Bitcoin ETFs and the Implications for the future of blockchain-powered applications

By Vanessa Malone

Last week on January 10th, the U.S. Securities and Exchange Commission granted approval for the first-ever U.S.-listed exchange-traded funds (ETFs) designed to track the performance of bitcoin. The SEC has approved 11 applications,¹ including BlackRock, Ark Investments/21Shares, Bitwise, Fidelity, Grayscale, Invesco and VanEck.

This development is widely regarded within the industry as a significant and pivotal moment for the cryptocurrency and greater blockchain sector. What are bitcoin ETFs and the implications this regulatory decision could have for the industry?

First, it’s important to note that Upstream, a MERJ Exchange market, is not a cryptocurrency market and does not allow account funding via Bitcoin or crypto trading. Upstream is a securities trading venue powered by smart-contract technology.

With that, let’s dive in.

What is a spot bitcoin ETF?

An exchange-traded fund (ETF) is a publicly traded investment vehicle that tracks the value of an underlying asset.² A spot bitcoin ETF is an investment vehicle that provides ordinary investors exposure to the price moves of bitcoin from their regular brokerage accounts.³ The purpose of this kind of ETF is to mirror the price of bitcoins in the crypto market so investors can get exposure to bitcoin without going through the process of opening an account on a crypto exchange, creating a digital wallet, connecting the two, and holding their own crypto.

Spot bitcoin ETFs securely hold bitcoins in a secure digital vault, which registered custodians manage. The ETF creates shares based on a specific amount of bitcoins it possesses, with the share price reflecting the current market value of the cryptocurrency. These shares are publicly traded on regular stock exchanges, aiming to closely follow Bitcoin’s price, and the ETF adjusts its holdings periodically by buying or selling tokens. Spot bitcoin ETFs directly hold bitcoins, while derivatives-based bitcoin ETFs use financial tools such as futures contracts to replicate the prices of bitcoin.⁴

What is the significance of this regulatory approval?

The recent approval of bitcoin ETFs marks a significant milestone in the cryptocurrency landscape, ushering in a new era of more regulatory clarity.

While industry thought-leaders have been highly anticipating digital currency ETFs, approval for a bitcoin ETF has been in the works for more than 10 years, with one of the first applications coming in 2013.⁵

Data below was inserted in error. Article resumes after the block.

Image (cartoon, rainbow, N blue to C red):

This, along with SEC Chairman Gary Gensler’s more critical stance on cryptocurrencies, lends additional credibility to the approval of bitcoin ERFs and the idea of cryptocurrency as a legitimate asset class.

According to an interview from CNBC with Coinbase CEO, Brian Armstrong, 52 million Americans already use crypto.⁶ This is despite the barriers to entry which include the complexities of crypto exchanges, digital wallets, and private keys which can be intimidating to some.

Source: CNBC

A bitcoin ETF removes some of these barriers, bringing digital currency to both retail investors and institutions who can gain exposure to this asset class through traditional brokerage accounts. As also stated by Armstrong in the CNBC interview, this move is expected to inject significant liquidity into the sector.

What could this mean for the future of blockchain as a whole?

As a smart-contract powered market and trading app, Upstream finds the news very promising. This development not only provides investors with a more accessible avenue to participate in the crypto market but also has broader implications for the adoption of blockchain technology.

With clearer regulations in place, market participants may find themselves more comfortable exploring the benefits of smart-contract powered applications. The trust instilled by the approval of bitcoin ETFs could lead to increased confidence in utilizing blockchain-powered markets, such as Upstream, where the benefits of decentralized technology are harnessed to create a more seamless and secure securities trading experience for issuers and investors.

Upstream, a MERJ Exchange market is not a cryptocurrency market but a stock market and trading app powered by Ethereum smart-contract technology. The app-based marketplace facilitates real-time trading and instant settlement and offers issuers around the globe opportunities to dual-list, launch IPOs, fund celebrity ventures, create spin-offs, and more. Addressing some of the common barriers described above that may have blocked investors from Bitcoin, Upstream makes securities trading as simple and familiar as downloading an app, signing up, completing light-touch KYC, then funding the account with a credit card, debit card, PayPal, or USDC stablecoin.

All blockchain technology and digital wallet creation happens under the hood but issuers can benefit from accessing a global, digital-first investor base that can access their company shares from anywhere using a trading app.

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Decrypt | 2 Decrypt | 3 Investopedia| 4 Investopedia | 5 Reuters | 6 CNBC


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